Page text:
Sometimes I think that most of the population of the world has been completely ruined by our modern, so called “accouterments”. Did you know that many in third world countries have a hard time finding work and/or feeding family but still own a working cell phone? Yikes. We are awash in items of convenience that supposedly serve the purpose of making life easier. Look around, you be the judge! As people who share an interest in faith and growing spiritually we can be bamboozled into thinking that our modern devices have nothing to do with how our spiritual life is proceeding and whether or not we are growing and moving forward. Take a closer look. At times I hear people talk about how God disappeared or deserted them or left after years of regular consolation in their prayer life or never showed up in the first place. Who taught you that? As you grow and develop in your prayer life who taught you that your relationship with God and the way it manifests itself will always be the same?
There is no question that the strong presence of a societal ethic that demands and gets everything right now has had an influence on how we think about and practice our faith life. After all, we reason, I pray daily, go to Mass weekly and even have taken a shift at the Adoration Chapel but God has still deserted me! I bet everyone has known someone who has left the Church or quit going to Mass for a reason that resembles the above thinking. So where do we get the concept of what our relationship with the Father should look like? That could come from our heroes of the faith or believers we admire or pastors we have known or a spiritual director or our own ego. However, when you think about living this (believer’s) life, have you ever taken time and stock to examine how much of the culture is coloring your thinking?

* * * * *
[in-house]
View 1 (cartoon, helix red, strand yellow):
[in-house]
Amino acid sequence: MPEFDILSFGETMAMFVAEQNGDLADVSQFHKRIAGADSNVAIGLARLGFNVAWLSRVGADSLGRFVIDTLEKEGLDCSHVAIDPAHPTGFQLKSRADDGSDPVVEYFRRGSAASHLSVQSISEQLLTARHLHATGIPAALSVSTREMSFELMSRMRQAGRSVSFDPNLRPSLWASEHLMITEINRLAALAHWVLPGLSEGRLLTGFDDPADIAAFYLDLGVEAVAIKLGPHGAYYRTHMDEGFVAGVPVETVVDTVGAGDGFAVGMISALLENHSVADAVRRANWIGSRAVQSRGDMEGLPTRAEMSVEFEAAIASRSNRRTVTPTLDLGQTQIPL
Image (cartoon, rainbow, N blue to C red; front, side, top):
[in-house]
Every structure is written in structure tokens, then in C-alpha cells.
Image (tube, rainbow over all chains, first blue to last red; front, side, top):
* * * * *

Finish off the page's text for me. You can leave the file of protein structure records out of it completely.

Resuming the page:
If we check out scripture, the Saints and the history of the Church we quickly see that the life of a believer and our relationship with the Father is anything but consistent and predictable. Like any teacher with great intuition the Father moves the relationship along in a manner that benefits the student in one way or the other. We need to give up all preconceived notions of what it will be like when we have finally “perfected” our relationship with the Father. Even Mother Theresa revealed that after years of tangible consolation from God she spent the final years of her life in what seemed to be utter desolation with the Lord speaking not at all! Father Donald Haggerty, professor of moral theology at the Capuchin Institute of Philosophy and Theology in Ethiopia gives us this observation:
“The Law of divine concealment is inescapable in all deeper prayer. No contact with God in prayer, no spiritual experience or encounter, does not quickly hide him again. He always manages to flee. … Only partial understandings of God’s love are ever given and these are never stable. The experience of God’s hiding can entangle our soul in a morass of useless questioning. …..[W]e may think sometimes that God’s hiding is the most familiar mark of his divine personality.”
n the end it comes down to trust. We all “get” that God is ever present all the time, everywhere. In his personal relationships he offers us the schooling that will do nothing but hone and sharpen our faith, prayer and ability to let go of all the notions of what the world calls normal. God’s hiding is not a bad thing and not a good thing. It’s an opportunity to grow. Maybe we are all a little spoiled because we go into panic mode when things don’t go the way we want them to. So who knows better about the presence of God in your life, you or the Father? He has His ways, you decide!